The defeat of Islamic State militants in their Iraqi stronghold Mosul may spark terrorist attacks across Europe, the head of the German Federal Office for Protection of the Constitution (BfV), Hans-Georg Maassen, has said.
Speaking to German media outlet Deutschlandfunk, Maassen acknowledged that the jihadists “possibly stand with their backs to the wall” and can “effectively face defeat” in the Iraqi city, adding that the BfV is “closely watching the situation in Mosul.”
The Iraqi Army and allied militias backed by the US-led coalition launched an operation to retake the country’s second-largest city on October 17.
“That is good. But this can lead to the consequence that this situation may alert its [IS] supporters in Europe, that it can lead to violent attacks,” the BfV chief warned.
He added though that security services in Germany are preparing for such an event. “This is what we want to prevent and we also adjust ourselves accordingly, so that it can be avoided.” Maassen did not name any imminent threat facing Germany.
Yet according to the intelligence chief, the BfV should prepare itself for“different scenarios,” including cases when “well trained fighters [who could] simultaneously stage suicide attacks or terrorist acts with Kalashnikov assault rifles.” This was the case during IS-inspired terrorist assaults in Paris in November 2015 as well as suicide bombings in Brussels airport and metro station in March this year.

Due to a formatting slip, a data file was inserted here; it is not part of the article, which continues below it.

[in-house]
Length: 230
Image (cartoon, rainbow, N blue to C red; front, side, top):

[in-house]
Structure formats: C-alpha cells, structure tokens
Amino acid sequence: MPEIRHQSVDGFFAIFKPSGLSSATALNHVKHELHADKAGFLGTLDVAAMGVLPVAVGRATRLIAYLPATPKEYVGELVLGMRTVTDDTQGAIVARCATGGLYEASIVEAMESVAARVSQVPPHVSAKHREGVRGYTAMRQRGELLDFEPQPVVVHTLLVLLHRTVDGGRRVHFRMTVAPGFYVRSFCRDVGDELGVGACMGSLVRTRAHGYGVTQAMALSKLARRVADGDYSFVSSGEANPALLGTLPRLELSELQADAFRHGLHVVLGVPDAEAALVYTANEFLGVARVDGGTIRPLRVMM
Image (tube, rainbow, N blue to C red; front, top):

“And then we have the case of a lone wolf who is not really a lone wolf because, as we have now encountered in a number of cases, these people are being radicalized and led via instant messenger service, via the internet,” Maassen said.
On September 21, police in the German city of Cologne raided a refugee compound, arresting a 16-year-old Syrian refugee over suspicion he was allegedly planning a terrorist attack.
Law enforcement officials released a statement saying the young man had attended a mosque in Cologne and “has radicalized himself in a very short time.” The Syrian came to the attention of police on June 10, 2016, after sending IS-related images to his friends.
German police are now also investigating whether a 16-year-old girl named Safia, who stabbed a police officer in Hannover earlier in October, may have been directed by IS.
In response to the case, Maassen said that Islamic State is increasingly trying to address young people via social networks to “radicalize them.”
One of the most recent terrorist plots was foiled in early October in the eastern city of Chemnitz, when a 22-year-old Syrian national, Jaber al-Bakr, was captured after a two-day manhunt.
Although a special operation had been launched by the authorities, the man was only detained when three fellow Syrians tied him up and alerted police.
Al-Bakr later committed suicide in his cell. Prior to the manhunt authorities in Germany had reportedly received a tip-off from US intelligence services that the Syrian was planning a terrorist attack, possibly on Berlin airport, after intercepting his phone calls with IS in Syria.
In July, Germany was shaken by several attacks committed by asylum seekers. On July 18 a man believed to be an Afghan refugee injured five people on a train near the town of Wurzburg.
While just a week later, another asylum seeker, this time from Syria, launched a suicide attack at a festival in the city of Ansbach, injuring 15 people. In both cases the perpetrators had pledged allegiance to IS.